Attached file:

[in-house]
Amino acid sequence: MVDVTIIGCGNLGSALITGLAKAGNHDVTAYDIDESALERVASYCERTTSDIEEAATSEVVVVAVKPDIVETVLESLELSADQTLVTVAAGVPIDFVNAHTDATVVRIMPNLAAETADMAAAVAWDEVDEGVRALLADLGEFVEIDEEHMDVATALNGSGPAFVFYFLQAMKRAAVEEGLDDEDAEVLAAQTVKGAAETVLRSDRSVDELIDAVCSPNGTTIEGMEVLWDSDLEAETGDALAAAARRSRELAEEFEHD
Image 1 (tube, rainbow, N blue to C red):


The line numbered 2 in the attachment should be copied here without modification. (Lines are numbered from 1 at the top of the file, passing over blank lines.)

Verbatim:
Amino acid sequence: MVDVTIIGCGNLGSALITGLAKAGNHDVTAYDIDESALERVASYCERTTSDIEEAATSEVVVVAVKPDIVETVLESLELSADQTLVTVAAGVPIDFVNAHTDATVVRIMPNLAAETADMAAAVAWDEVDEGVRALLADLGEFVEIDEEHMDVATALNGSGPAFVFYFLQAMKRAAVEEGLDDEDAEVLAAQTVKGAAETVLRSDRSVDELIDAVCSPNGTTIEGMEVLWDSDLEAETGDALAAAARRSRELAEEFEHD